Doing Something

It’s hard for me to believe it, but this post marks post #100 for this blog. That’s not an insignificant milestone, so I thought I’d take a moment to reflect on some things I’ve been thinking about.

As a baker, I sometimes feel like it’s not a big deal what I do. I’m not even talking in the scheme of the universe, I’m just talking in the world of baking. It might be different if I were making my own recipes more of the time, but my father-in-law’s lovely perspective notwithstanding, I still sometimes feel like anyone can follow someone else’s instructions. Do you ever feel that way?

Some people tell me they’re terrible bakers, which I always find a little hard to understand. It seems to me that all you have to do is follow the instructions and that’s it. Someone has already laid out the path in front of you, you just have to follow it. But some people are better at it than others. There’s nothing wrong with that, different people have different skills.

If you look at it from another perspective, not everyone has chosen to be a baker. Even if they could have, they have not chosen to. There are countless worthwhile endeavors out there, so you can’t fault anyone for that. But I think that’s part of the difference. I have chosen to. I decided to bake, and I do. That’s not insignificant.

My wife and I have this lovely habit of thanking each other for mundane things. I can’t remember exactly how it started, but I’m pretty sure I was following her example. Thank you for taking out the trash. Thank you for putting away the laundry. Thank you for getting stamps. These actions may seem insignificant and not worthy of notice, but it’s our way of acknowledging all the little things that we constantly do. It helps us not take each other for granted.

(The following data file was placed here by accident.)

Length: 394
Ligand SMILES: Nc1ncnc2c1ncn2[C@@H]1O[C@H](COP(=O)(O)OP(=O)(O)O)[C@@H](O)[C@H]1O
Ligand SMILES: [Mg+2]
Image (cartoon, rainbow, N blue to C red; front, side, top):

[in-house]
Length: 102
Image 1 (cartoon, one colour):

And of course, I’ll always thank my wife for making dinner when she does so. Sometimes it’s wonderfully elaborate, and sometimes it’s wonderfully simple. If it’s the latter, she’ll often say that she didn’t do much. To which I’ll reply various things. “You did something, and I didn’t do anything.” “Raise your hands everyone here who made dinner.” “Just because it wasn’t much doesn’t mean you didn’t do it.”

The decision to do something is often the difference. Lots of times we could do something and we don’t. And lots of times we just decide to do it. No matter how big or small the action, it’s the action that matters.

To put it another way, and to go linguistic nerd on you for a sec, German has a group of prepositions that can make the words after them be in either the accusative or dative case, depending on the circumstances. It depends on whether or not there’s motion towards the object of the prepositional phrase. If there is, it’s accusative, if there’s not, it’s dative. My high school German teacher, one of my favorite teachers of all time, had a mnemonic device she shared with us for this situation which was “accusative – alive, dative – dead”. (One of her other favorite ones was singing “You’re So Vain” to remind us of the accusative form of the word which means “who”. It’s funny if you know it.)

In any case, my point is that taking action towards something makes a difference. Deciding to do something makes a difference. Doing something, no matter how big or how small makes a difference. If you ever look at yourself and wonder what you’re doing and whether it makes a difference or not, baking or otherwise, this can be a good thing to remember.

What have you done that has made a difference? Big or small. To you or anyone else. Today or in the past. I’d love to hear your stories!


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